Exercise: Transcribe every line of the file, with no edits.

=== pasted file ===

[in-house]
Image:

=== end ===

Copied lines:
[in-house]
Image: